Silver Age Lex Luthor was definitely the best. Wasn’t Superman #149 where he pretended to do good, but actually was just tricking everyone so he could kill Superman while the staff of the Daily Planet looked on in horror? I might be conflating two Superman stories there. Anyway, later in the series when Lex found a planet where *he* was a hero and Superman was a villain — that was so sweet and sad because Superman just wouldn’t leave him alone. Good stuff.

  • philfromgermany says:

    Lot of love for the counterfeit Cerebus in those lists. OK, two mentions may not be “a lot” but I was still a bit surprised.

  • RDaggle says:

    Lex Luthor and Albert Einstein, OTP.

    Lex is obsessed with Al’s fierce mane.

  • Thelonious_Nick says:

    “Arcane asking Swamp Thing how many years he’d been in hell, and Swamp Thing replying “Since yesterday.””

    Oh, man, that one is spooky. Even with my upbringing in a fundamentalist church in North Carolina, that’s still the best/scariest depiction of hell I’ve ever encountered. I also like the Demon’s/Alan Moore’s explanation in that issue of why God would allow hell to exist.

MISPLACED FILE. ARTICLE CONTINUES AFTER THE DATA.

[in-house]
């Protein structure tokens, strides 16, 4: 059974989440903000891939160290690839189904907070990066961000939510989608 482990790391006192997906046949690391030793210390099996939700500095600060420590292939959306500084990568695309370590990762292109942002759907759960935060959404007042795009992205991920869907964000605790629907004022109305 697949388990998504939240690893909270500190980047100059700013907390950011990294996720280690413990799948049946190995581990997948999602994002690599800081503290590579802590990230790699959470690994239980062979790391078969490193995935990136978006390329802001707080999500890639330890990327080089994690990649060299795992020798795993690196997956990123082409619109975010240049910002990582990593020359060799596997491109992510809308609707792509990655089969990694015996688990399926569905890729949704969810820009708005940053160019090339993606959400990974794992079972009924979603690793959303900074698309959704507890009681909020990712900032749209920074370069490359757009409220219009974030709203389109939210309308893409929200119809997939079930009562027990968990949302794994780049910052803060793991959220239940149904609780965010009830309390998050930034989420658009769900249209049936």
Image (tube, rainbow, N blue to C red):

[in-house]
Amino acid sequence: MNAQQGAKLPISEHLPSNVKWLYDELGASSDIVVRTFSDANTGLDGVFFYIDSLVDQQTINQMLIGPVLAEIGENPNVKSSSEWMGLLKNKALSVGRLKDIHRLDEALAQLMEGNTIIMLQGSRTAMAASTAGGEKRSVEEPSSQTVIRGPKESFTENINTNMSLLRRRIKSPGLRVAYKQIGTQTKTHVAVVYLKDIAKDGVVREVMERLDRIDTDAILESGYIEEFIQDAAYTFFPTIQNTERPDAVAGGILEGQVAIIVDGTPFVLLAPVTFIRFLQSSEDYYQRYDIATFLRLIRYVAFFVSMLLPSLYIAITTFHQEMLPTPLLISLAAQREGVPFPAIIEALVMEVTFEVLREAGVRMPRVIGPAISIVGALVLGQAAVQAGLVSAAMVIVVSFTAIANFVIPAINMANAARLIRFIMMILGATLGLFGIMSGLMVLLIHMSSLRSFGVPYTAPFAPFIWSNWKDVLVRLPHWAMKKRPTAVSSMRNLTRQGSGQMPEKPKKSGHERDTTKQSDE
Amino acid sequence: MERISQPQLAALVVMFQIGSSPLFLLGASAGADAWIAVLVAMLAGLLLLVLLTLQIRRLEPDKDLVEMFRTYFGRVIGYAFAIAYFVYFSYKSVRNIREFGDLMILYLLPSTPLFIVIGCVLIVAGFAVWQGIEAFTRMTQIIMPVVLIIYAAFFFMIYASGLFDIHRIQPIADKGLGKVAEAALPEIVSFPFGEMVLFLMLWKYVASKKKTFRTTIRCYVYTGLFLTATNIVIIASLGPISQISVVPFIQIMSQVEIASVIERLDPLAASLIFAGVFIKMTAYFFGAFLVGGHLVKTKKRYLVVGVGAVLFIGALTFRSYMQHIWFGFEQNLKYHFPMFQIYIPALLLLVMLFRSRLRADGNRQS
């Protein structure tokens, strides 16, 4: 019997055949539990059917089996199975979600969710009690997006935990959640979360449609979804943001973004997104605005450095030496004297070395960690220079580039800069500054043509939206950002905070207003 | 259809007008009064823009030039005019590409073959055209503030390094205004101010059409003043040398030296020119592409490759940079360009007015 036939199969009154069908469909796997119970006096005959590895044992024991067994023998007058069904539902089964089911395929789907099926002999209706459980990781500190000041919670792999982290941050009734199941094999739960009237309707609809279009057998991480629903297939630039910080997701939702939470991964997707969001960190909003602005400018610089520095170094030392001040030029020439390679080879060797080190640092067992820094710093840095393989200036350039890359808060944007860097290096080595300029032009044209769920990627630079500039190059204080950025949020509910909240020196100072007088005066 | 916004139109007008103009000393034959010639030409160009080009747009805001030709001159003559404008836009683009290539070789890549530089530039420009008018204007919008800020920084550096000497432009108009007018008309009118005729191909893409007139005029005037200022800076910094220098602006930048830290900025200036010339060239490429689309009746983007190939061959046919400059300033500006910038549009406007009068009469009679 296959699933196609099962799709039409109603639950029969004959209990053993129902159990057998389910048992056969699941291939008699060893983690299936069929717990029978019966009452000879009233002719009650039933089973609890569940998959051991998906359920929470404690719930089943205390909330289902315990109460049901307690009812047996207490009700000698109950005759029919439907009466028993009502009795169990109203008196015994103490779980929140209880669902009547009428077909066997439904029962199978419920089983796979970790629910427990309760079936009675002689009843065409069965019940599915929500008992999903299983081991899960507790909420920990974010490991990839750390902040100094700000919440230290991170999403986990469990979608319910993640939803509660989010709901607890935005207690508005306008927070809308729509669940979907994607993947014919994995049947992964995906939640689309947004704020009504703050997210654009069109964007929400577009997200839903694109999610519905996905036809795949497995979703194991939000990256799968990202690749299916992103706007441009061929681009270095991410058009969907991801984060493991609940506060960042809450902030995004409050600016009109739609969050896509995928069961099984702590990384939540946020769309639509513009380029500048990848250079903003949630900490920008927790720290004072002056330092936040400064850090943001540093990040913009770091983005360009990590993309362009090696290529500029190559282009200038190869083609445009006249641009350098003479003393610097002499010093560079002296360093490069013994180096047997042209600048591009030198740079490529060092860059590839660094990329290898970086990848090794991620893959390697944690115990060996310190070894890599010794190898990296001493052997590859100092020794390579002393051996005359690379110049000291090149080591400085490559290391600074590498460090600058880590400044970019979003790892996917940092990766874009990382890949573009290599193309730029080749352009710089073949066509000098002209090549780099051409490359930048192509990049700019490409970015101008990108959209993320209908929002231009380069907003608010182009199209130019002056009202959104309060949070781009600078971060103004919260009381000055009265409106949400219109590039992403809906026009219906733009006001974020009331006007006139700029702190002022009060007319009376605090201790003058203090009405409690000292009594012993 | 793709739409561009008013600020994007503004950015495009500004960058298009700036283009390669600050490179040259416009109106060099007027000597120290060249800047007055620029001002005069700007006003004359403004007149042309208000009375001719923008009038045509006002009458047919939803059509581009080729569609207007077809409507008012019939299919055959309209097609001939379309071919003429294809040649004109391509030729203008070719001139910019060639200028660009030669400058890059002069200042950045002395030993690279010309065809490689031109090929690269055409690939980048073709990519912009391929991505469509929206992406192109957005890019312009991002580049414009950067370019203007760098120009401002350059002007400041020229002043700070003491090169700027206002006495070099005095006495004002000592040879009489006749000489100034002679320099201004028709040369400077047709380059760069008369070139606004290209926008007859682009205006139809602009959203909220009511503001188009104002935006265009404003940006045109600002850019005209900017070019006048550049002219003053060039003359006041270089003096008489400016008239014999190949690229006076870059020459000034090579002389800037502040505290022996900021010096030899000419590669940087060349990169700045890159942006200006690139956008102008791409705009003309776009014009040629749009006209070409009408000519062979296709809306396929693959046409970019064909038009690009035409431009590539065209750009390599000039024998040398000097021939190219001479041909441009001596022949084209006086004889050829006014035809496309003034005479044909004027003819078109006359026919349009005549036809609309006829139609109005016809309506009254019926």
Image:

• If you visit my Facebook page or Twitter accounts, I’ve been posting a “Things That Make Me Happy” item almost every day. They help me keep relatively sane.

  • Chris Gumprich says:

    Feel the same about many of your 50, but “Whatever Happened to the Crimson Avenger” will always be one of my all-time favorites. Not only did it introduce me to the whole Golden Age, the idea that a superhero could die was completely new to my young mind.

  • ScienceGiant says:

    Now Mike has me wondering what the heck was the resident assistance for Reed and Doom’s dorm thinking.

  • David Oakes says:

    “Now Mike has me wondering what the heck was the resident assistance for Reed and Doom’s dorm thinking.”

    Hey, they are both eggheads! Safer than rooming them with the Football Hero.

  • Old Bull Lee says:

    23. “KISS YOUR BUTT GOODBYE!” (the splash page to the original Teenage Mutant Ninja Turtles #2)

    With TMNT’s history and status as a gigantic multimedia franchise, it’s easy to forget that those early comics were so, so much freakin’ fun. I have a TPB of the first 15 isues or so and I must have read that thing dozens of times.